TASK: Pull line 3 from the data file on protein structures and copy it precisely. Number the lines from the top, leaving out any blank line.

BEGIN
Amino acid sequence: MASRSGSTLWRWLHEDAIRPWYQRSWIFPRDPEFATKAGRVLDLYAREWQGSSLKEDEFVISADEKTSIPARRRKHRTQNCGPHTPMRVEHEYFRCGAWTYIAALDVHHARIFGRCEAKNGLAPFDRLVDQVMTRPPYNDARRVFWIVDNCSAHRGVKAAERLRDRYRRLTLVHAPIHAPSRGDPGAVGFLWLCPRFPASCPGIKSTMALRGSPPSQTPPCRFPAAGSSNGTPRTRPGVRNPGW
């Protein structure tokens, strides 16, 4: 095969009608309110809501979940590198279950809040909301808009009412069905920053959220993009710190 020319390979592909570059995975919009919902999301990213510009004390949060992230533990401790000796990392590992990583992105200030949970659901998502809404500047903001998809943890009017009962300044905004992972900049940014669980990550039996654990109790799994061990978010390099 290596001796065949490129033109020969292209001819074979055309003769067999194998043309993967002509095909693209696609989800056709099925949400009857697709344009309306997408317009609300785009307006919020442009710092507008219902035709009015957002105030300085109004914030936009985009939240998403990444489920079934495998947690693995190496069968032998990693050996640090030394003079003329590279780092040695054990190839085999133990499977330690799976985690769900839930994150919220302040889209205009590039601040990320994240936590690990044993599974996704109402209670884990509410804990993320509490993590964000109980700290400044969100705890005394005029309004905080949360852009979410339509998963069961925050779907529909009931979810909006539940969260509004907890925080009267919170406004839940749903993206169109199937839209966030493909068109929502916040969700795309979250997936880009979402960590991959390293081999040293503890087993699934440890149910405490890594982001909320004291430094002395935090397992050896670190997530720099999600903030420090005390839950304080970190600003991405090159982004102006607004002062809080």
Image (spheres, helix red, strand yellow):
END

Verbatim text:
Image (spheres, helix red, strand yellow):